This is the second post in a series on the personal impact of gun violence. You can read Part 1 here.
In the fall of 1992 our daughter returned from a Unitarian/Universalist youth conference bubbling over with stories of a boy she had met there. His name was Galen and they had spent Sunday morning making French toast for the other kids—hundreds of slices—while they talked and laughed. She told us how smart, funny and witty he was and how much she had had enjoyed cooking breakfast with him.
I thought that this Galen must have been an amazing young man indeed to get our teen-aged daughter to cook anything, much less breakfast, with enthusiasm. Hmmm. I listened to her stories about him and wondered whether she would see him again, whether there might be a connection.
Galen was such a bright and mature boy that he attended Simon’s Rock College in western Massachusetts. It’s a small and innovative liberal arts college that accepts very smart and highly motivated high school students before they graduate from high school. The school offers them a more challenging, college-level education and an opportunity to earn an early degree. He had gone there after his junior year in high school.
A few weeks later our daughter received a phone call and seemed to be having trouble understanding — or believing — what the caller was saying, as if the news didn’t make any sense to her. She put down the phone with a confused and disturbed expression. When we asked what the problem was she said that the boy she had met at the convention had been shot at his school and that he was dead.
Galen had been caught in a “campus shooting spree” seven years before Columbine, 15 years before Virginia Tech, and 20 years before Sandy Hook.
A Change in the Law
How could this happen in Massachusetts, a state with tight gun control laws? The answer was deceptively and tragically simple. The law had been changed on the quiet in a small but significant way through an amendment filed by State Representative Bob Durand. Most people, ourselves included, were unaware of it. “An Act Relative to Exemptions for Non-Resident Purchasers of Certain Firearms and Ammunition” allowed the legal purchase by any “non-resident who is eighteen years of age or older when acquiring a rifle, shotgun or ammunition from a licensed firearm dealer, provided that such non-resident is in compliance with the law of the state where he resides and has the proper firearms license if required.”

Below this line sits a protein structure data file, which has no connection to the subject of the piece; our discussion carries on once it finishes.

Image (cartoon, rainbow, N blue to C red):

A scholarship student named Wayne Lo, whose family had emigrated from Taiwan six years earlier, came to Simon’s Rock from Billings, Montana in the spring of 1991. He sported a shaved head and held “conservative beliefs” that other students found racist, homophobic, and anti-Semitic. He was out of place at this liberal school and the other students steered clear of him.
On the morning of December 13, a package arrived at the school for Wayne Lo containing ammunition he had ordered from Classic Arms, a North Carolina company. Unsure what to do with it, and worried about violating Mr. Lo’s privacy, Dean Bernard Rogers sent the package back to the mail room so he could ascertain what was inside. Before he could do that, however, Wayne Lo picked up the package without supervision, oversight, or obstacle.
He was of age (by a few weeks) and had a Montana driver’s license, the only document required in his home state to purchase gun. That same day he went to Dave’s Sporting Goods in Pittsfield, MA and bought an SKS Chinese-Type 56 Carbine, a semi-automatic weapon that fired intermediate-sized ammunition.
He returned to the school where he took a test, went to the dining hall for dinner, loaded his rifle, and embarked on a shooting spree. He wounded four people—paralyzing one—and killed two. One of the dead was our daughter’s friend, Galen Gibson. He was eighteen years old.